Because this wasn’t a history museum, they also decided to go more minimalist with the text. “We still wanted people to be able to access the information about it,” says Johnson. “But we also wanted them to have this experience of confronting an object that that they don't quite understand at first.”
Asking the audience to do the work to engage with what they were seeing on their own, she felt, was key. “That work is really important work,” Johnson says. “Especially within the space of this exhibition. We felt like there's something kind of sacred about [it]. We didn't want people to be mediating the space through their phones or through a map that they hold in their hand.” Instead, they relied more on the gallery guides like Nancy Hirshbein to supplement the experience.
Hirshbein says the most frequent question from visitors was: “Why is it all white?”
“That was the number one question,” she says. “Visitors would stop. As soon as they walked in, you can tell that they were struck by the space. And I would approach them and ask if they had any questions. And then I would often prompt and say: ‘If you're wondering about anything, if you're wondering about why the room may be all white, please let me know.’” That opened up the conversation to discuss the materiality of the white plaster, and what it may have meant to the architects who designed the room.
“I would also like to find out from the visitors their interpretation,” says Hirshbein. “We sometimes did some free association, about how it felt to them to be in this very minimal white space.”
By design, the all-white nature of the panels made them difficult to read. So, visitors often needed to spend time squinting or navigating their own body in order to better read the text or see the image. “Sometimes,” says Hirshbein, “visitors intuited that. They would say things like: ‘Oh, this is difficult to read,’ and then look at me and go: ‘Oh, because it's difficult material.’”
That’s just one thing that could be pulled from that. “We're also looking through a backward lens of history,” as Hirshbein says, “and the further we get away from these things, the more difficult they are to see. That's the nature of history.” Alan Ginsberg, who serves as the director of the Evidence Room Foundation, the custodian of the work, mentions during our conversation that for him, he notices in different light, coming from different angles, that the shadows the plaster casts stand out. “It allows history to be recovered,” he says. “It allows memory to be recovered.” What you're left to do, as the viewer then, “is to understand and try to grapple with what is absent from there.”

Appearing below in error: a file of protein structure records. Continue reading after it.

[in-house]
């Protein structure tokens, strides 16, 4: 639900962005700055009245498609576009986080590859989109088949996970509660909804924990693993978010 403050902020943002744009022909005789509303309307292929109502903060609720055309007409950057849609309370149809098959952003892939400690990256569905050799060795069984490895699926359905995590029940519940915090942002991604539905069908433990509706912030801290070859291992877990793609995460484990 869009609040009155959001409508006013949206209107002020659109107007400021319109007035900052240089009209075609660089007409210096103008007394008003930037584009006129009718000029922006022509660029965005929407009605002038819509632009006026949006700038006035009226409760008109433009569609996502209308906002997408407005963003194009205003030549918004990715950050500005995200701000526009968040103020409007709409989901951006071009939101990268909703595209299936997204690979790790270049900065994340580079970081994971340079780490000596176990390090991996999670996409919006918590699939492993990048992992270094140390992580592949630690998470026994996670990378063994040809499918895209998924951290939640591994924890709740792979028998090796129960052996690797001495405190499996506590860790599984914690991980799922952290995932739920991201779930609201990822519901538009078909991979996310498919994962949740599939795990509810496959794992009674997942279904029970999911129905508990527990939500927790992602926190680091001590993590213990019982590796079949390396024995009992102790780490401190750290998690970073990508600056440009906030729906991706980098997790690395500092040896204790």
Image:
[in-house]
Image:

Ginsberg says the Evidence Room Foundation, which partnered with the Hirshhorn on the exhibition, was fully on board with how the Hirshhorn framed the work. “The Hirshhorn was the obvious and perfect and premier place for this debut not only in the United States, but in the world of art,” he says. Like many people, he sees the room embodying many identities, including being a work of contemporary art.
Holocaust art has always been a controversial topic, something that Ginsberg is very aware of when he talks about the room as art. “Can you represent the Holocaust through art without being obscene?” he asks. “This is a question that has been debated endlessly. And I think the answer clearly comes down to—it depends on the specific work. There are works of art that are understood to be commemorative, or educational, or evocative, in a way that is respectful. And that's what The Evidence Room is.” Still, he says, there's something in the work and the way it’s crafted that does give him pause. “Is it wrong to have something that refers back to atrocities and yet the representation has a certain eerie beauty to it? These are good questions to ask,” he says. “And they're not meant to be resolved. Ultimately, they're meant to create that artistic tension that provokes conversation and awareness.”
The Evidence Room Foundation, which only launched just this year, is looking to use the work as a teaching tool and a conversation starter. Currently, Ginsberg says, they’re speaking with art museums, history museums, university campuses and other kinds of institutions, and fielding inquiries and requests about where to exhibit The Evidence Room in the future. For now, he’ll only say, “Our hope is that we will get a new venue announced and put in place before the year ends.”
John Singer Sargent ‘Abhorred’ Making His Lavish Portraits, So He Took Up Charcoal to Get the Job Done
John Singer Sargent became one of the most sought-after artists at the turn of the last century. Commissions rose for his lavish oil portraits but, as he wrote to a friend in 1907, “I abhor and abjure them and hope to never do another, especially of the Upper Classes.”